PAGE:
America leader of the free world?

 | 2 min

A while back, Ebs posted about how he used to be an American fanboy. I wouldn't put my feelings that strongly, but I've had a great respect for the principles on which America was founded. I suspect that this respect for America comes mainly from reading way too many Louis L'Amour cowboy books.

I associate the founding of America with sentiments like this:

  • "we hold these truths to be self-evident" Declaration of Independence
  • "all Men are created equal" Declaration of Independence
  • "certain unalienable Rights, that among these are Life, Liberty, and the Pursuit of Happiness" Declaration of Independence
  • "liberty and justice for all" Pledge of Allegiance
  • "Congress shall make no law ... abridging the freedom of speech, or of the press" First Amendment
  • "the right of the people to keep and bear arms, shall not be infringed" Second Amendment America was created to provide the freedoms and rights that ordinary people lacked in England. Everybody in America (eventually) was guaranteed the basic human rights of liberty, equality and justice. Liberty included free speech & freedom of (and from) religion.

I've always found the right to bear arms to be particularly significant (and not just because I've had a lifelong gun fetish ;-).

First, it suggests the right to personal self-defence. You were allowed to be armed to defend yourself, your family and your property. Second, there was defence of the country. An armed populace could be expected to defend the country from enemies. However, since the republic maintained a standing army, this wasn't expecially significant.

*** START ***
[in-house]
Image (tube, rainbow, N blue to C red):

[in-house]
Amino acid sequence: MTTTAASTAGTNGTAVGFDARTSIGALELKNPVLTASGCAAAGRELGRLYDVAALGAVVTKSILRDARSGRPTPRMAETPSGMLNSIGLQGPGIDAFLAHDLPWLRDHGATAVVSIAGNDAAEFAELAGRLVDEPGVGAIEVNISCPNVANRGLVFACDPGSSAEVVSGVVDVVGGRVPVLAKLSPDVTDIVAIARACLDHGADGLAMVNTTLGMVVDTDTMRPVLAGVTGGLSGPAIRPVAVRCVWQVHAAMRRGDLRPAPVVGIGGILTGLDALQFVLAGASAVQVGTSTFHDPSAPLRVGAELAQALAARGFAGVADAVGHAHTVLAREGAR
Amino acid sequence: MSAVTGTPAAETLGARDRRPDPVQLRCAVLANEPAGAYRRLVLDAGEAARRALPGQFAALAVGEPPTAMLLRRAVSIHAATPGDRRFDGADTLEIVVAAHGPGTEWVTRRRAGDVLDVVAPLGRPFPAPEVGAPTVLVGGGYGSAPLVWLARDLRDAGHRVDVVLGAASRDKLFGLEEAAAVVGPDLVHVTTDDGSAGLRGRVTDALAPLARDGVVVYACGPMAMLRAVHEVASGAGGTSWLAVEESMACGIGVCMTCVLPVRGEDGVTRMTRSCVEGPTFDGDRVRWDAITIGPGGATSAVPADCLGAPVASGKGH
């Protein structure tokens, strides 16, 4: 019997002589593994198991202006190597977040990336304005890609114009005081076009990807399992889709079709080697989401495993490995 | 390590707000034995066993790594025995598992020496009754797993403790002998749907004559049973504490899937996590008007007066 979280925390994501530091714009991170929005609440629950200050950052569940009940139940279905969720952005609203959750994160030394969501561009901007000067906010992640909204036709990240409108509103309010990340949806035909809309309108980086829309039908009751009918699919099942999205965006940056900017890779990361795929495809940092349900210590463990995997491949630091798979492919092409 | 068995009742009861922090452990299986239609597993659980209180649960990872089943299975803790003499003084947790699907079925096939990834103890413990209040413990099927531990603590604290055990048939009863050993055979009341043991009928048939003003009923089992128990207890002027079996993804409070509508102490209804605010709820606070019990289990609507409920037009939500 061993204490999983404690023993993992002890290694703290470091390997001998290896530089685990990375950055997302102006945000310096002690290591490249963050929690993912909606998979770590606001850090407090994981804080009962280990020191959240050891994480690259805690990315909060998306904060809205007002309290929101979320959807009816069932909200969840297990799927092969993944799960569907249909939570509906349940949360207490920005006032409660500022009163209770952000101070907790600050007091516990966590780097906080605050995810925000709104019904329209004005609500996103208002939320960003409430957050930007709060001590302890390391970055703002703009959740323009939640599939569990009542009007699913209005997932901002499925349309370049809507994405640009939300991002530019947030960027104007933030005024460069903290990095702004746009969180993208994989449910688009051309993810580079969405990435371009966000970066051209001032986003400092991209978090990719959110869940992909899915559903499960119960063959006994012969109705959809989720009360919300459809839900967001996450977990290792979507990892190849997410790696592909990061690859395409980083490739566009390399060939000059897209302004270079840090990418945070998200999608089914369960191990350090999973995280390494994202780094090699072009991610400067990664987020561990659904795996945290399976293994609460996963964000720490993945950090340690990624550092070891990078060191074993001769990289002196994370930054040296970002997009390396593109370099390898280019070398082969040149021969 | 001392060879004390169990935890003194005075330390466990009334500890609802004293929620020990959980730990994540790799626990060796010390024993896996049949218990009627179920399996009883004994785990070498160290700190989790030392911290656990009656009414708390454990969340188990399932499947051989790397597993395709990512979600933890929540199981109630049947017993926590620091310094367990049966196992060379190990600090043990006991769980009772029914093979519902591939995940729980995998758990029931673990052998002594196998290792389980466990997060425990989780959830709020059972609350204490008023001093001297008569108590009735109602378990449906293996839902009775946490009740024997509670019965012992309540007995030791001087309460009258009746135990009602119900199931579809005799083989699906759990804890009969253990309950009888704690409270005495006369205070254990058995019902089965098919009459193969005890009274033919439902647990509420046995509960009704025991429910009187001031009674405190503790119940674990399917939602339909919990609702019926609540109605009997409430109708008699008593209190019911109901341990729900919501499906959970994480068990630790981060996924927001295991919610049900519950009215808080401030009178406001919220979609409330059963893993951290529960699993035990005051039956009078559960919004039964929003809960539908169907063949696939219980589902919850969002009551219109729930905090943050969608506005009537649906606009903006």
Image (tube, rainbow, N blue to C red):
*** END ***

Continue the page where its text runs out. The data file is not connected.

The main reason for prohibiting Congress from infringing the right to bear arms was that Congress controlled the military. Without the general population having the right to bear arms, it would too easy for Congress to abuse its power and use the military to back up that abuse. The right to bear arms was vital so that people could rebel and overthrow the government if it got out of control.

In some ways it is heartening that Americans still have this right. Most people in the US can buy guns, even in Walmart. Most states allow people to obtain concealed carry permits for handguns. The gun lobby is extremely powerful in the US. It's a pity that Americans aren't so keen on standing up for their other rights (like free speech, free press and the right to a fair trial).

Technology has possibly rendered the right to bear arms effectively useless anyway. The populace can't _really _use their arms to overthrow Congress if they only have rifles and pistols and Congress has machine guns, missiles and nukes. But still, I think the right should be preserved for its symbolism if nothing else. It is the right to bear arms which allows Americans to defend all their other rights and freedoms ... if only they cared enough to do so.